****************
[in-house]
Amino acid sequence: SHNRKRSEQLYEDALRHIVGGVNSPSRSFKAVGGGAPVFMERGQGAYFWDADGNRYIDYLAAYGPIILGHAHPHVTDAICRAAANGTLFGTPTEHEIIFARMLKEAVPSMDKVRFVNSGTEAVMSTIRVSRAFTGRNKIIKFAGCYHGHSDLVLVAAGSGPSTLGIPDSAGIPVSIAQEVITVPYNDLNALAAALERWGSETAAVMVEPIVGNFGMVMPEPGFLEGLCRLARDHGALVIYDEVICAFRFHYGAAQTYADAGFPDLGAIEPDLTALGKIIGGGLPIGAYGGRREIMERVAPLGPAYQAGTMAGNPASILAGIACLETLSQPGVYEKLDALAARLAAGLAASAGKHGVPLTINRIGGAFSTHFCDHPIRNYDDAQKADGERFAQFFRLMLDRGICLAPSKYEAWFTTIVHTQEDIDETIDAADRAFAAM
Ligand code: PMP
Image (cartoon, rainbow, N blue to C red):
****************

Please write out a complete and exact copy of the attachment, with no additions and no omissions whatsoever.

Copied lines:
[in-house]
Amino acid sequence: SHNRKRSEQLYEDALRHIVGGVNSPSRSFKAVGGGAPVFMERGQGAYFWDADGNRYIDYLAAYGPIILGHAHPHVTDAICRAAANGTLFGTPTEHEIIFARMLKEAVPSMDKVRFVNSGTEAVMSTIRVSRAFTGRNKIIKFAGCYHGHSDLVLVAAGSGPSTLGIPDSAGIPVSIAQEVITVPYNDLNALAAALERWGSETAAVMVEPIVGNFGMVMPEPGFLEGLCRLARDHGALVIYDEVICAFRFHYGAAQTYADAGFPDLGAIEPDLTALGKIIGGGLPIGAYGGRREIMERVAPLGPAYQAGTMAGNPASILAGIACLETLSQPGVYEKLDALAARLAAGLAASAGKHGVPLTINRIGGAFSTHFCDHPIRNYDDAQKADGERFAQFFRLMLDRGICLAPSKYEAWFTTIVHTQEDIDETIDAADRAFAAM
Ligand code: PMP
Image (cartoon, rainbow, N blue to C red):